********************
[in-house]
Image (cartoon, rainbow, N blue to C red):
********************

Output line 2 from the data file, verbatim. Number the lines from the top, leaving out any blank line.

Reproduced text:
Image (cartoon, rainbow, N blue to C red):